It's Election Day, and I'm trying to take my mind off what might befall us.
My supplies are low, and I had intended to make a good quantity of Pickled Walnuts this year, but our trees were frosted and as a result we have very little fruit. Anyway, yesterday I managed to pick the few above, and they'll have to do. We won't be having any actual Walnuts come Autumn; the trees are empty!
The Walnuts are topped and tailed and any blemishes removed. They are then pierced several times with a stainless knife; making sure at the same time that any interior woodiness hasn't started to form. It hadn't.
The Walnuts are then soaked in brine for about 12 days; changing the brine a couple of times.
When the brining stage is over, the drained Walnuts are put out in the sun to turn black; this usually takes a minimum of 2 days.
They are then packed into sterilised jars and covered with a sweetened spiced vinegar.
I leave them until Christmas before tasting, but they last for years. The ones I am eating at the moment were made in 2012.
The perfect accompaniment to a good strong Cheddar.
That's good news!Delete
I've never made pickled walnuts (indeed, never heard of them until we moved to England) but most years I make walnut liqueur using the green nuts. This year I'll have to scrounge from a friend because my trees were frosted.ReplyDelete
Oh dear, were your trees frosted too? I've never known it happen before.Delete
Who knew walnuts looked like that - I didn't...?ReplyDelete
These are still quite small, before the interior wood had formed. They get to about twice the size before they drop, and the nuts pop out.Delete
I adore pickled walnuts Cro and have always wondered how they were made. The trouble up here is finding a good really strong Cheddar - can't be beaten when you can find it.ReplyDelete
The one's I'm eating at the moment are delicious. Very soft, quite sweet, and wonderful with good cheese.Delete
T. May should eat a bowl of pickled walnuts! May be she will feel better after.ReplyDelete
Only if the cheddar is strong AND stable.......Delete
And if she's feeling strong and stable herself; which I doubt at the moment.Delete
That's what she proclaimed 'strong and stable", which seems not to be the case.ReplyDelete
Heron refrains from crowing Cro just simply squawks gleefully. Walnuts being his daily additive to his breakfast.ReplyDelete
I'm simply squawking with reluctant acceptance.Not a good result; for anyone.Delete
I look forward to Strictly Come Dancing later in the year when Len will not be around any pickled walnuts. Who will be in charge then? And that goes for the UK as well.ReplyDelete
My wife might understand this more than me. Is this 'Len' known for eating pickled Walnuts?Delete
They are also very good added to stews or casseroles, particularly with beef or game.ReplyDelete
The nice thing about elections is that whatever the result a few people get their well deserved comeuppance. Certainly true in Scotland. In England I think the moral is if you ignore your supporters you lose (conservative strategy) if you reward your supporters you gain (labour strategy). The fact that this simple approach to life passes old strong and stable by is a mystery, but then a house brick is strong and stable and has as much personality...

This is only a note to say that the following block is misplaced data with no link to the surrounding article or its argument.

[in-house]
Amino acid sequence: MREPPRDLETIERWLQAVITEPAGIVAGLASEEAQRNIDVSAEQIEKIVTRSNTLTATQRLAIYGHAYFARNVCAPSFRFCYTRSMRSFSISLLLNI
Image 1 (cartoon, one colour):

I am sure that if Labour actually get in they would not be able to fulfill their promises but by then it will be too late.
Moral of the story, if you ever are running a country, is to seek a secure base first, then do the risky stuff. I think we will be back at the polls in 6 months....
6 months? I hope not. Corbyn took his soap box around the country whilst May stayed at home baking cakes (probably). It's not surprising that she lost support; she should have copied Corbyn and offered free sweets.Delete
Theresa May will not get 6 months.Delete
Pickled walnuts are a great distraction from the extraordinary election results.ReplyDelete
We certainly need one!Delete
I've never knowingly eaten a pickled walnut in my life! The walnut tree at the bottom of our hill got badly hit by the frost, no fruit at all on it this year.ReplyDelete
PW's are not to everyone's taste; Lady M would never eat one (which is a good thing as I have so few). The tree I gathered these from was protected by a huge Oak, all our other trees were hit.Delete
Pickled walnuts...interesting. Also I would never have guess that green thing was a walnut. I got turned off pickled stuff when my dad forced some weird Japanese pickled fish on us as kids. Walnuts though...I'd try.ReplyDelete
They are quite strong, but delicious. An acquired taste.Delete
I love pickled walnuts but it's only since I've been shopping in Waitrose when on the mainland that I've found them again. The stronger the cheese the better it goes with them.ReplyDelete
Election? Which election? Have I missed something?
I never knew that you had to put them in the sun and that is why they are that colour. I thought some how the hardened nut was put in brine and went soft. If we dont have cornichons I would serve pickled walnuts with pate, to guests. no one ever complainedReplyDelete